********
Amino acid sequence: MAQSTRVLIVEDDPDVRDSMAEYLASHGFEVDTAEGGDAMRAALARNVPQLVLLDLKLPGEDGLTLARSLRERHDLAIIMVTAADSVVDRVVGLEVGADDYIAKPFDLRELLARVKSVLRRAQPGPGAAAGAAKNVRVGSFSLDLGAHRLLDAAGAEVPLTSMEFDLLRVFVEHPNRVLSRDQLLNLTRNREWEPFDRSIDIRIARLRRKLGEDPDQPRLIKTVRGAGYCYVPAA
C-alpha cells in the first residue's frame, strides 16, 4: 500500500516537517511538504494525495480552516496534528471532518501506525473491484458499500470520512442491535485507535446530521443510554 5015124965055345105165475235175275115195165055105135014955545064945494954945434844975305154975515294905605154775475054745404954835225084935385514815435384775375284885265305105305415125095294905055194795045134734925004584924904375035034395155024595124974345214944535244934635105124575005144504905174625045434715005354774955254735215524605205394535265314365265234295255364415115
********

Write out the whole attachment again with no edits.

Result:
Amino acid sequence: MAQSTRVLIVEDDPDVRDSMAEYLASHGFEVDTAEGGDAMRAALARNVPQLVLLDLKLPGEDGLTLARSLRERHDLAIIMVTAADSVVDRVVGLEVGADDYIAKPFDLRELLARVKSVLRRAQPGPGAAAGAAKNVRVGSFSLDLGAHRLLDAAGAEVPLTSMEFDLLRVFVEHPNRVLSRDQLLNLTRNREWEPFDRSIDIRIARLRRKLGEDPDQPRLIKTVRGAGYCYVPAA
C-alpha cells in the first residue's frame, strides 16, 4: 500500500516537517511538504494525495480552516496534528471532518501506525473491484458499500470520512442491535485507535446530521443510554 5015124965055345105165475235175275115195165055105135014955545064945494954945434844975305154975515294905605154775475054745404954835225084935385514815435384775375284885265305105305415125095294905055194795045134734925004584924904375035034395155024595124974345214944535244934635105124575005144504905174625045434715005354774955254735215524605205394535265314365265234295255364415115